I am a salmon troller and own 6,000 pounds of halibut. I must respond to the charter fleet's spin surrounding the halibut allocation issue (Bruce Warner's Dec. 19 My Turn).
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Last year in area 2C, the charter take of halibut increased again to 47 percent over the sport allocation. This exponential charter harvest growth has put 2C over the allowed catch for the region. In Southeast Alaska, that makes the sport harvest closer to 28 percent of the regional quota. Now that large quota reductions are in the future for area 2C, and no significant management for the charter fleet is on the horizon from the North Pacific Management Council, this situation will only get worse before it gets better. Local commercial fishermen, processors and fishing communities will have to sacrifice, again, for largely affluent nonresident charter clients. People who continue to maintain that the sport fleet is only taking 15 percent of the halibut are using statewide numbers to disguise the actual harvest levels for personal financial reasons.
Allocation issues are divisive and complex. As a salmon troller, I have seen my share of allocation battles over king salmon. The Alaska Board of Fisheries during its last four meeting cycles has upheld the current allocation plan, which gives the sport harvest 20 percent of the annual king quota. Even charter fishing advocates on the board have voted repeatedly for this split. The allocation plan has proven to be fair for all the regions' communities. Proportionately, there are less king salmon than halibut to harvest. Talk of a 50/50 split no doubt appeals to the charter fleet, but would be catastrophic to local fishing economies, especially rural communities.
As an Alaskan, I want to see a permanent comprehensive solution that provides stability for both halibut fishing fleets. Ideally the solution would give Alaska anglers greater access to the halibut resource than out-of-state thrill seekers. A solution should recognize commercial fishermen who invested in themselves and Alaska by purchasing individual fishing quotas. A solution also should give the charter fleet a measure of stability instead of the boom and bust economics that have threatened everyone's quality of life in Sitka. Personally, I think free market solutions should be considered as a long-term fix to the costly allocation wars. Just raising the sport allocation will not solve the problem.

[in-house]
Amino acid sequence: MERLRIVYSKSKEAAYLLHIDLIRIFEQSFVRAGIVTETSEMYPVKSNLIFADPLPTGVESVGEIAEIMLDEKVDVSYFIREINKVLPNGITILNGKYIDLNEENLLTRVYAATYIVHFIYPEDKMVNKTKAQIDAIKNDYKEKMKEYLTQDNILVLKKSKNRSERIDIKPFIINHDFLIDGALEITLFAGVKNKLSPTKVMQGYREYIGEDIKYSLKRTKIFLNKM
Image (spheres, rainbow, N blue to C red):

Ultimately, halibut is a national resource. The most affordable access to that resource for the general public is still the commercial fishermen. Some fish should always be available for guided anglers. Charter clients will come to Alaska for the sport experience, not just the fish box export trade.
I have yet to see a governor in recent times that has not added up the votes and sold commercial fishermen down the river for their re-election campaign. Every legislator has a charter operation or sport fishermen in his or her district, so limited entry for the charter fleets has never gone anywhere at a state level. Ultimately, commercial fishermen, and yes, charter fishermen will have to pay for this political logjam.
Just look at the situation in Sitka, where saturation of the charter fleet has compounded depletion of halibut (caused in part by a moratorium on short-term rentals); helped drive up real estate prices beyond the reach of middle class residents; and created tensions that manifest in ways from bumper stickers to bar fights to fish box taxes. Many Sitka charter operators think it is time for some limits. In Sitka there is near consensus for charter boat limited entry.
Yet nothing ever happens. The charter fleet should stop shadowboxing commercial fishermen by calling them greedy or misrepresenting the nature of the charter harvest. Instead, the charter fleet should realize it's in the driver's seat for ensuring a stable future. There has never been a successful fishery in Alaska that has not gone to some form of limited entry.
Bert Bergman is a Sitka resident.